Young children's storybooks as a source of mental state information

Jennifer R. Dyer, Marilyn Shatz, Henry M. Wellman

Research output: Contribution to journalArticlepeer-review


Ninety children's books (half for 3–4-year-olds and half for 5–6-year-olds) were analyzed for references to mental state in three ways: (a) via words and expressions in the text, (b) via the pictures, and (c) via ironic situations. Books for older children were significantly longer than the books for younger children, and overall, they included both a higher frequency of mental state references and a wider variety of such references. However, the rate of textual references to mental state was high for both groups, with a mental state token occurring on average every three sentences in books for both age groups. Moreover, the rate at which new types of mental state references appeared was also high; about every second token represented a new type of mental state reference. Pictures typically failed to represent independently the mental state concepts expressed in the text, but pictures and text together conveyed situational irony in over one-third of the books. Thus, mental state information was largely conveyed via words and irony. These findings suggest that storybook reading may provide even young children with a rich context for developing an understanding of mind.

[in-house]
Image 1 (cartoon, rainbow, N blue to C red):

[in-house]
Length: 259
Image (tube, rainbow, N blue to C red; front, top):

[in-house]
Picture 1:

Original languageAmerican English
JournalCognitive Development
StatePublished - 2000
Externally publishedYes


  • Mental state
  • Children
  • Storybook


  • Children's and Young Adult Literature
  • Cognitive Psychology

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